A circus clown steps into a boxing ring against a brute robotic man and attempts to win the bout using gags instead of punches.
Writer/director: Mick Rochon
Producers: Mick Rochon, Pieter Stathis
Gotta love Saturday morning cartoons and afternoon matinees as a kid. This magic vaudeville was beamed down from some unknown planet out there and it didn’t matter where. Then it was explained to me where it actually came from and that was that. I wanted to be a film guy when I grew up.
Several years later I wrote a short film called Sparky Versus Rocco that aired on Super Channel for a year and a half or so. The new experience of making my own film was exhilarating and painful, to put it mildly. There’s no film school out there that can teach what it’s really like to make your own movie and get them in front of an audience. Sparky Versus Rocco was my first ‘calling-card’ and could not have been made without the unparalleled devotion of the cast, crew, friends and family who are all the same bunch.
Sparky Versus Rocco was a success but it wasn’t the film I originally set out to make (welcome to filmmaking 101). It was okay but I was constrained by the self-funded budget and the limitations of the day’s technology. I knew what I wanted to say with the film but it never quite came out that way.
Years later technology literally advanced right before my eyes. It became affordable to carry a whole post-production studio in my backpack. I began to experiment with digitized 16mm Sparky Versus Rocco footage and outtakes with one thing leading to another.
I learned to how to edit film and produce my own visual effects. I wrote a new script I called The Big Top Fury. It had a similar premise to Sparky Versus Rocco but was a new story with different characters, new dialogue, new music and all-new scenes that would pack a punch, so to speak.
Cut to present day. The Big Top Fury would become my greatest lesson in perseverance so far. It’s the film I originally wanted to make and much more. Thank you to everyone who excelled in their respective talents and waited patiently with me for all those right moments.
We now beam The Big Top Fury to you from some unknown planet.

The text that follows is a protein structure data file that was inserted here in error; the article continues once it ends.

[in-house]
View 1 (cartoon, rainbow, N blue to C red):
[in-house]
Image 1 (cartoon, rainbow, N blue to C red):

About Mick Rochon
Mick Rochon grew up on various Canadian Forces military bases but he and his family eventually settled in Winnipeg. Mick became an avid musician, performing in rock bands as a teen to which he jokes “If you didn’t want to read my scripts, then you had to listen to me play guitar.”
He studied visual communications that led to a career in graphic arts and printing. A decent promotion in his field led to a decision to respectfully decline the offer and make the move to the robust movie industry in Vancouver and develop a long-standing career in film locations management.
In his position Mick routinely worked in one-on-one collaborations with world-renowned filmmakers whom he admired in his youth: “Finding the perfect film location for a director was a perfect opportunity to study my mentors up close, ask questions and develop my own ideas for making a movie.”
With this experience (and never taking his position for granted), Mick proved he would not squander an opportunity to initiate his first independent film Sparky Versus Rocco. Recently, he is proud to release the short film The Big Top Fury.
Mick currently resides in Vancouver. Having worked on over 200 productions including television movies, series and feature films, he divides his occupation between being a ‘hired gun’ location scout with producing his first feature film Cirrus, a science fiction about a spectacular future that may have already happened.